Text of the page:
Wednesday, May 11, 2011

Help, whether you want it or not

Hi Fer,
I enjoy your blog because of the information you provide concerning
lessons learned and preparedness for when disaster strikes. (man-made
or otherwise) Also I appreciate that you have taken the time to write
about your experiences.

I have come across a blog/web page that might be of interest to you
and thought I pass it on. (I am in no way connected with this site)
The author of the site has posted emails he received from a friend
concerning the aftermath of the Katrina disaster and points to
something I have not though much about, “the treatment you will be
subject to from people who are not prepared and from people who want
to help you whether you want it or not.”

Here is the link to his site
Here is the link to his disaster prep pages. It is a long read but
below is a brief summary of what I took from it.
“When help gets there, you may get it whether you like it or not.
There are numerous reports of aggressive, overbearing behavior by
those rescuers who first arrived at disaster scenes. It’s perhaps best
described as “I’m here to rescue you – I’m in charge – do as I say -
if you don’t I’ll shoot you”.

It appears that mid-level State functionaries and Red Cross personnel
(the latter without the “shoot you” aspect, of course) were complained
about most often. In one incident, a family who had prepared and
survived quite well were ordered, not invited, to get onto a truck,
with only the clothes on their backs. When they objected, they were
threatened. They had pets, and wanted to know what would happen to
them and they report that a uniformed man (agency unknown) began
pointing his rifle at the pets with the words “I’ll fix that”. The
husband then trained his own shotgun on the man and explained to him,
in words of approximately one syllable, what was going to happen to
him if he fired a shot. The whole “rescuer” group then left,
threatening dire consequences for the family (including threats to
come back once they’d evacuated and torch their home). The family was
able to make contact with a State Police patrol and report the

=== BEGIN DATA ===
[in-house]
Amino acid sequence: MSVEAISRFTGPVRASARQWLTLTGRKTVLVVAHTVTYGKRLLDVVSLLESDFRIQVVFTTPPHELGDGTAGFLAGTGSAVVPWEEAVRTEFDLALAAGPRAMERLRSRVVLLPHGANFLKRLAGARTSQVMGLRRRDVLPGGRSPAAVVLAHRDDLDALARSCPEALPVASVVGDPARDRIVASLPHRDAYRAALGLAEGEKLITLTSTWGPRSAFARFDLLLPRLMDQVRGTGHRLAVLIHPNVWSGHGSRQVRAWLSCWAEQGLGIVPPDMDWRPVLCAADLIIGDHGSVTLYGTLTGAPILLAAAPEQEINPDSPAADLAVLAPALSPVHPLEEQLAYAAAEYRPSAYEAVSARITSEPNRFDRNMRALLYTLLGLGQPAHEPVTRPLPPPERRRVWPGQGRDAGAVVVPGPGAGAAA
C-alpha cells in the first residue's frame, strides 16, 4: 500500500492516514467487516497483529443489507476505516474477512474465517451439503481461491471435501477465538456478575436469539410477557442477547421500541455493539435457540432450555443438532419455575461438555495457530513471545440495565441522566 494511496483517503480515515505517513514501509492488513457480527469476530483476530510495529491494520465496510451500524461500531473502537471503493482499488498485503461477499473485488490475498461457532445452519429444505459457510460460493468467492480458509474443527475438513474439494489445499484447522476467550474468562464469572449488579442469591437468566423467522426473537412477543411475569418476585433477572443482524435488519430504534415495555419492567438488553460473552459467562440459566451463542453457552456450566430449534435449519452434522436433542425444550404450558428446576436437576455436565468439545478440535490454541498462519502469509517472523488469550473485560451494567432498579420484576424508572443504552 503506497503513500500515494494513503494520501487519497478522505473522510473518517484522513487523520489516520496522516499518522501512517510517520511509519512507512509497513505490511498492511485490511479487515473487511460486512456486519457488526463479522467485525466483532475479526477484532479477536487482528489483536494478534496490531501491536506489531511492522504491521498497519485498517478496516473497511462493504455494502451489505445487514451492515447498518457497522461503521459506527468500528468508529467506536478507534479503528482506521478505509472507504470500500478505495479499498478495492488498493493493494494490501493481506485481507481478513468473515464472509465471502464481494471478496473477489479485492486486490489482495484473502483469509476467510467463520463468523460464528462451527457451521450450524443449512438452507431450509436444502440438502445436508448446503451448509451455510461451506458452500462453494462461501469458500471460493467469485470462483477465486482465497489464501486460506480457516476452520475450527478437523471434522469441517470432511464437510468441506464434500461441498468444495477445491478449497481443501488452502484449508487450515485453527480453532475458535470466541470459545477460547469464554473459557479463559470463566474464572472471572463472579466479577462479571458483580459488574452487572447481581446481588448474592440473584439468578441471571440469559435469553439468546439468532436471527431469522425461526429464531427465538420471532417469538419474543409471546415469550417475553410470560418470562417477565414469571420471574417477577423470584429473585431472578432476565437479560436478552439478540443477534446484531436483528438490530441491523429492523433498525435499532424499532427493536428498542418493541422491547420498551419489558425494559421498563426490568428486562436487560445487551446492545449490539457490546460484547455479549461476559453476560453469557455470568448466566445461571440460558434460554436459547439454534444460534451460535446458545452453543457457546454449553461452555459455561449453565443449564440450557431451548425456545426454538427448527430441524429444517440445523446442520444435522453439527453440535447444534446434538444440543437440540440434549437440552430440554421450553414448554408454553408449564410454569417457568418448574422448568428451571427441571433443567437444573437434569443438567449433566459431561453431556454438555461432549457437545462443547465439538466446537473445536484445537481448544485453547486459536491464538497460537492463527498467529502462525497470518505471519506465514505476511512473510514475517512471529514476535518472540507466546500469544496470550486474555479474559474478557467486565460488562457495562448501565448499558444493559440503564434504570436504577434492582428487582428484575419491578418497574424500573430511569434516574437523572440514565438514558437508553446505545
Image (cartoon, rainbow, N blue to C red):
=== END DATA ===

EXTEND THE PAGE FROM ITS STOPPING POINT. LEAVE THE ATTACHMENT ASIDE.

incident, and are now determined that no matter how much pressure is
applied, they will not evacuate. They’ve set up a “shuttle run” so
that every few days, two of them go upstate to collect supplies for
the rest of the family, who defend the homestead in the meantime.

Another aspect of this is that self-sufficient, responsible families
were often regarded almost with suspicion by rescuers. The latter
seemed to believe that if you’d come through the disaster better than
your neighbors, it could only have been because you stole what you
needed, or somehow gained some sort of unfair advantage over the
“average victims” in your area. I’m at a loss to explain this, but
it’s probably worth keeping in mind.”
Best regards,

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Anonymous said...

He makes a good point. Sad.

Anonymous said...

Invaluable observations to heed.

DaShui said...

That's because the entire system is designed to make everyone powerless and dependent on the government.
Same in other countries, I know one American girl who was in west China during a big earthquake. When she took it upon herself to deliver large amounts of water to the area, the government got angry, told her "We will handle it."

Anonymous said...

Ferfal, I think you should disable comments on this blog and put the "Join forum discussion on this post" link on every article. This article on blogger has one comment, and the same article on your other site has three comments. It would be good if you could bring them together. Just my opinion.